Goals Alone Will Not Suffice: Negotiating Pathways Towards Sustainability
Not abstract goals but the paths we take towards their implementation will determine whether we are able to forge a sustainable society in this century. Policymakers will need to negotiate with key societal actors on the concrete steps if this transformation is to succeed. Political institutions must embrace public participation as a means to develop actionable solutions in cooperation with citizens, argue RIFS researchers Jörg Radtke and Ortwin Renn in the new anthology "Umkämpfte Zukunft. Zum Verhältnis von Nachhaltigkeit, Demokratie und Konflikt“.
The duo offer a wide-ranging and critical overview of the current state and future outlook for sustainability policy. They first identify three interconnected challenges for the transformation towards sustainability: problems relating to structural and material adaptation, the need for greater citizen participation within tight timeframes, and a lack of consensus on the urgency of fundamental change. They then examine sustainability in its societal context, using four analytical categories.
The most common sustainability narratives, they argue, have become polarized between two extremes:
- One narrative prioritises behavioural change, such as banning domestic flights, compulsory recycling schemes, and various programmes to promote the sustainable use of goods.
- According to the other narrative, technological innovations – from smart technologies to climate engineering – are the right way to mitigate climate change.
"Competing narratives are not harmful per se, but they can have a paralyzing effect if they convey disagreement or a heightened degree of uncertainty (“The facts are yet to be established”)," Renn and Radtke write. Actors in the energy transition have not done enough to establish a shared narrative that centres on climate protection.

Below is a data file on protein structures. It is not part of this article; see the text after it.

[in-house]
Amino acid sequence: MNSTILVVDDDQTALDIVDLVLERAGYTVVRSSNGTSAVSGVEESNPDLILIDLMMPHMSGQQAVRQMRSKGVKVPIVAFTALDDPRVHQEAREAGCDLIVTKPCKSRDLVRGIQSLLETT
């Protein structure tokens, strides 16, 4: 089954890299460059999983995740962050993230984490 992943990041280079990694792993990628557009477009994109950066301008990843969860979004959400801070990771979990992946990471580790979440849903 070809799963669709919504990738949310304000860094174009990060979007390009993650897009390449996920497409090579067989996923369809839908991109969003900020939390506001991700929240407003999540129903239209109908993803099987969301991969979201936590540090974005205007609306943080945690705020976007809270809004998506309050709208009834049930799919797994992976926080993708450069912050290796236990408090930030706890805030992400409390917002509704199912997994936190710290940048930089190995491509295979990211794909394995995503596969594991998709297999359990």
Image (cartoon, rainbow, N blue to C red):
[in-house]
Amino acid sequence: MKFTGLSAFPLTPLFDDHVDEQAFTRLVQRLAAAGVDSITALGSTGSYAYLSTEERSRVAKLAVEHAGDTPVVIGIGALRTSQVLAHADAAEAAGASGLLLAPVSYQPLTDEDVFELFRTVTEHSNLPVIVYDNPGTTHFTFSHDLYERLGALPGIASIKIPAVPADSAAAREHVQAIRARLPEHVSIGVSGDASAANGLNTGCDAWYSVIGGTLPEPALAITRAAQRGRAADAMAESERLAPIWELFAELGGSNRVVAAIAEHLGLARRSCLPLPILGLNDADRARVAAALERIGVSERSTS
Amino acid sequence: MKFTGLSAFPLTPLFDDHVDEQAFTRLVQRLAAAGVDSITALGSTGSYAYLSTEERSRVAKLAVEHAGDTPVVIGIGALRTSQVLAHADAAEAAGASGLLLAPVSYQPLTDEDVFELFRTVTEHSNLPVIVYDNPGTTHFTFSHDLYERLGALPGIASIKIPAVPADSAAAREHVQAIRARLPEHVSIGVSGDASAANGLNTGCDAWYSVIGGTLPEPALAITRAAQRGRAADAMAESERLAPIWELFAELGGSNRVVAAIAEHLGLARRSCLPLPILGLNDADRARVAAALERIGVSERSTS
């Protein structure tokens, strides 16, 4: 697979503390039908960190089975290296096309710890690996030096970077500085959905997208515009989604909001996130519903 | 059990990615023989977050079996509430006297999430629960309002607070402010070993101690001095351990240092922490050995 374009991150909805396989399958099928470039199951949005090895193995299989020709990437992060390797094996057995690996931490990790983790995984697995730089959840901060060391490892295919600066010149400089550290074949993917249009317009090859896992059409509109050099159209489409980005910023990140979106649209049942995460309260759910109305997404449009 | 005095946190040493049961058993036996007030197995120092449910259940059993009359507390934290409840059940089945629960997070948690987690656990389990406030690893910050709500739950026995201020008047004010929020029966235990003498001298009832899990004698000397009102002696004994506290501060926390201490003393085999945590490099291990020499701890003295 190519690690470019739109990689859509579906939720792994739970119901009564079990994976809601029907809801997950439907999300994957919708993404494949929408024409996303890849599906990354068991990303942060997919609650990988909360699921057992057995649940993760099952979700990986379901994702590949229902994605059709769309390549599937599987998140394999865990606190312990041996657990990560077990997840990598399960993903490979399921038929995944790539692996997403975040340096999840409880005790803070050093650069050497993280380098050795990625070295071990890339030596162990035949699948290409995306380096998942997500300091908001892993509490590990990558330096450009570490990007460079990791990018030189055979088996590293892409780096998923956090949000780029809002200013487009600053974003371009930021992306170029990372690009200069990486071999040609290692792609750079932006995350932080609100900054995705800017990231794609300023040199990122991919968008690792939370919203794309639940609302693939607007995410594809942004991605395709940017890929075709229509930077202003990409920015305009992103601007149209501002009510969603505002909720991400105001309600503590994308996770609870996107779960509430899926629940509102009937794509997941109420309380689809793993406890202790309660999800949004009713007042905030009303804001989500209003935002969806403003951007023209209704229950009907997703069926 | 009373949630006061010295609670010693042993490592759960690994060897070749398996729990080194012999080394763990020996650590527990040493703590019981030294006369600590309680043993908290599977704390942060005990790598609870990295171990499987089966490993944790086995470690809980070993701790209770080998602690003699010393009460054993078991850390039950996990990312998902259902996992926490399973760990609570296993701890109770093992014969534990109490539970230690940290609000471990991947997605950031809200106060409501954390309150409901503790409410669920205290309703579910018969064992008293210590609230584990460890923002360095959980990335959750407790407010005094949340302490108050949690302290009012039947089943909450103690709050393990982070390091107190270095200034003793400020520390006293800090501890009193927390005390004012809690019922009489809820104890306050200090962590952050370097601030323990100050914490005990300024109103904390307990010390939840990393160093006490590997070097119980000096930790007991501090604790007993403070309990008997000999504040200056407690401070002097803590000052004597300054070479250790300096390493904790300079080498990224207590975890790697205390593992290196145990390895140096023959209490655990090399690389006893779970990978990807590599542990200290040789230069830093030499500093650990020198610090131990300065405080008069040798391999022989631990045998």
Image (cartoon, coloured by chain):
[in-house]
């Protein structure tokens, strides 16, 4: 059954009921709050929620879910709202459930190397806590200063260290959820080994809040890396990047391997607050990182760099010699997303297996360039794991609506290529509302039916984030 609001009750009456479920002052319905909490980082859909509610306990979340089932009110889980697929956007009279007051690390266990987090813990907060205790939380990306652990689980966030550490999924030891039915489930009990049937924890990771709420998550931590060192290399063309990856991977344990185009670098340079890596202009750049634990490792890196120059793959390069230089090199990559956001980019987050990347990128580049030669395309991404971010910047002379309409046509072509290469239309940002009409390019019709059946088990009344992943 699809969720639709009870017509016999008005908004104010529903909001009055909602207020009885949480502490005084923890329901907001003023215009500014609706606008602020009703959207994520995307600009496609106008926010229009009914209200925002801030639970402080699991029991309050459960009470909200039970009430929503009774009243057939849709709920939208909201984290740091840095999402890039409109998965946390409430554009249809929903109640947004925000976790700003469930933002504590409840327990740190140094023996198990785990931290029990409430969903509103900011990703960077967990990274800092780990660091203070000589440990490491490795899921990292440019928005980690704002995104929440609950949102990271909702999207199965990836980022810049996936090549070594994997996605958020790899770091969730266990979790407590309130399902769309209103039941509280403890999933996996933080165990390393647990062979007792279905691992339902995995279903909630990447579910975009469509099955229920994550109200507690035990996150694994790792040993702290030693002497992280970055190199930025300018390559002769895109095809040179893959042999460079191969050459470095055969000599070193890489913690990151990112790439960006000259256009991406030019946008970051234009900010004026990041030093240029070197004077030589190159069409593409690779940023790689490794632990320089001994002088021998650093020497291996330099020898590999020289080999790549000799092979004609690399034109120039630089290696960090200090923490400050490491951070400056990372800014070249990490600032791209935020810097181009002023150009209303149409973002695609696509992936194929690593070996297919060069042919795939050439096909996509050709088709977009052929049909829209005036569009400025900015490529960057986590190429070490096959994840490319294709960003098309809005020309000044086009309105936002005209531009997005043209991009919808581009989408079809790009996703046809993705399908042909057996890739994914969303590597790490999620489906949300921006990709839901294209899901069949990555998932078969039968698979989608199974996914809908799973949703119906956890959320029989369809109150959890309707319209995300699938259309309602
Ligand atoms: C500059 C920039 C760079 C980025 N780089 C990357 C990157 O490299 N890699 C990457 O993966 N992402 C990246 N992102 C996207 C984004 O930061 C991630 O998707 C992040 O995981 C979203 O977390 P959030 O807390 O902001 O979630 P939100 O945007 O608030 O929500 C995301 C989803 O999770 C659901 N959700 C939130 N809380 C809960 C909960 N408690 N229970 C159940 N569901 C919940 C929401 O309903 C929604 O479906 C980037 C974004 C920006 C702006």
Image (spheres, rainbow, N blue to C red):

Controversy also surrounds the question of which political instruments are best suited to advancing the necessary transformations. Financial aspects tend to play a central role in this debate. But the far-reaching transformations that the energy transition will entail call for public buy-in on a scale that neither markets nor top-down policies can deliver, the researchers argue. Instead, it must "grow from within social discourse." The true extent of the damage caused by climate change impacts is not yet sufficiently understood in society, politics or the private sector.
According to Radtke and Renn, intensive cooperation with central actors and innovative forms of participation such as citizens' assembles have become increasingly important in recent years. However, in the public mind these participation processes are often viewed as an “unconducted orchestra”. And yet, a more concerted approach is not a realistic option due to the sheer complexity of the transformation towards sustainability. It is possible, however, to use negotiation processes, round tables and citizens' assemblies to forge connections, identify overlaps, develop recommendations and initiate processes of mediation and standardization.
For this to happen, policymakers and stakeholders would need to focus more on the process dimension – in other words, the negotiation of measures. Ultimately, it is not abstract goals but the paths that we choose to pursue them that will determine the success and define the shape of a sustainable society in this century.
Radtke, J., Renn, O.: Quo Vadis Deutschland? Stand und Perspektiven der Nachhaltigkeitspolitik. In: J. Ziller. E. Drewing und J. Janik (Eds.): Umkämpfte Zukunft. Zum Verhältnis von Nachhaltigkeit, Demokratie und Konflikt. Bielefeld (Transkript 2022), pp. 33-62